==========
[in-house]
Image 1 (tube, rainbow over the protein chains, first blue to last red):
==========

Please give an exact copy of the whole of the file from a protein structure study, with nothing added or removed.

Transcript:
[in-house]
Image 1 (tube, rainbow over the protein chains, first blue to last red):